I Found My Photo On A Missing Child Report, And I Don’t Know What To Do

Jason Devaun
Jason Devaun

The warmth of the beer in my hand let me know it was time to step into the graveyard. The punishingly-cold April morning resulted in me conducting my new morning ritual of downing a Budweiser can at the San Juan County Cemetery District #3 inside the cab of my 1993 Ford Ranger as opposed to the foot of my father’s still-fresh grave.

Drinking a few of Budweiser cans each night in his easy chair was my father’s favorite past time. Just before he passed on, I promised him I would come to his grave each day that I could and drink a beer with him. The first three days since his burial, I made good on my word.

It was the third-straight day I laid my eyes upon it, but the sight of my father’s fresh grave still felt like a needle sliding slowly underneath my skin. If you have never seen a fresh grave, it looks more ghoulish than you might imagine. A patch of dirt juts out from the front of the grave until the grass the cemetery plants on the dirt grows. At least that is how they still do it in super-rural graveyards on islands in the Puget Sound.

It would not be the muddy ground of my father’s grave which raised the hairs on the back of my neck that day though – it was the fresh bouquet of flowers which rested upon the base of his headstone. This was the third-straight day there were a new bunch of flowers sitting there. This might not have been so mysterious had my father not been a borderline hermit all his life. He really only talked to two people – me and my mother- throughout his adult years. But my mother had been permanently stricken to a hospital bed for the past couple of weeks, ready to join my father in passing any day now.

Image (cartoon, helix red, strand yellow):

I was certain it wasn’t her leaving those flowers.

My entire body a coil of frozen nerves, I followed through with my usual ritual of cracking open a Budweiser and putting it on the base of my father’s headstone, right next to the flowers. I washed back the last little sip of warm domestic and placed my empty can next to my father’s full one.

beetlejuice

The herculean task of completely renovating my parent’s rustic cabin home gave me plenty of time to contemplate the mystery of the constant flowers on my father’s grave. A gawky kid mowing the cemetery grass the day before had confirmed to me they didn’t have some operation where they put flowers on a grave daily. Whoever was putting flowers on my father’s grave was driving there every morning before I showed up around 9 AM, putting new flowers down and taking the ones from the day before away with them.

My daily schedule went as follows:

9 AM: Drink beer in cemetery parking lot and place beer on dad’s grave.
10 AM: Visit my mom in the hospital.
12 PM: Eat lunch.
1 PM – 5 PM: sift through the rat’s nest of clutter of my parents’ belongings, throwing away the stuff I didn’t need to keep.
5 PM – Get drunk.

Visiting my mom for those two hours was always the hardest part of the day. Stricken with Alzheimer’s, my mother was extremely hard to follow or communicate with. In the two hours I spent each day by her side, I usually only got about one or two minutes where the demented clouds in her brain parted and a true conversation slipped through. When this happened, we would almost always talk about one of our childhoods while I fought against tears in a battle I almost never won.

The only thing that was making the visits a little easier was the presence of a new nurse. My mom’s previous nurse had been an unnecessarily hostile hag with glasses and Vaseline underneath her eyes who once kicked me out of the room for having my cell phone vibrate. Thankfully, she was recently replaced by a gray-haired ex-hippy named Debra who you would hear coming from miles away because of the amount of beads and bracelets she wore. Debra always took the time to ask me if there was anything she could do to make my mom feel better and regularly stole desserts from the dining hall for me. She had also followed me to the dining hall to get coffee and console me a couple times when the energy in the room got too heavy for a man who was not yet 40, but was saying goodbye to both of his parents in a calendar year.

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